Life in Anglo-Saxon England

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Put yourself in the shoes of a member of a Germanic tribe living in England in the turbulent first millenium A.D.

If you’re a warlord, you’re lucky. You have any number of other warriors beholden to you, you have your choice of women and grog, you live in a nice structure, and you get the lion’s share of all the spoils that pass by your rather large table. You’re the boss, and all the men around you have to jump when you say jump and run into battle when you say run into battle and hand over their money when you say hand over their money. All the women around you, of course, exist to serve you, keeping your household running and you and your men fat and happy.

If you’re a warrior but not a warlord, you have it pretty good. You live a dangerous but potentially lucrative life, especially if your warlord looks favorably on you. You spend a good amount of time preparing for battle, doing things like maintaining what little armor you use to protect yourself, sharpening your sword, intimidating your fellow warriors, etc. You probably also have a good, reliable woman at your side, keeping whatever children you may have out of your hair (figuratively and literally) while you go about the business of being a warrior.

If you’re a woman, you have a limited number of choices. You can be the wife of a warlord or a warrior, throwing yourself over to their control. Depending on the character and social position of your husband, your life can be nasty and brutal or downright pleasant or something in between. You could also be a single woman, although once you reach a certain age (usually the beginning of the teen years) you run the risk of being overlooked or overworked (or possibly both).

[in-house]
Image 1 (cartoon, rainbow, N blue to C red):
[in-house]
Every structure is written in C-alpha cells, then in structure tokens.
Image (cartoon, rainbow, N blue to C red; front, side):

If you’re a child, your future depends on your gender. Boys are trained in the ways of the warrior, emulating their fathers and most likely hoping for a greater amount of success than their role models. Girls are trained in the ways of the wife, emulating their mothers and also most likely hoping for a great amount of success than their role models.

If you’re a religious leader, you have a special place in the tribe or kingdom or whatever the administrative area ruled by the warlord is called. The Angles, Saxons, and Jutes placed great stock in their beliefs, pagan though the Christian “upstarts” believed them to be. The leader of the religious ceremonies, the keeper of the temple, was held in very high regard and was often exempt from the fighting requirements placed on other males. (It goes without saying that these religious leaders were males. If women were not warlords, they were certainly not religious leaders.) The words spoken by these “priests” were often revered as law, and the portents brought forth were often seen as certainties, not just possibilities.

There you have it. Your life depended on your station or your gender or both. Naturally, exceptions abounded. (The warlordess Boudicca of the Iceni comes to mind.) But overall, the above descriptions covered the majority of the Germanic experience in the years between the Roman abdication and the Viking invasions.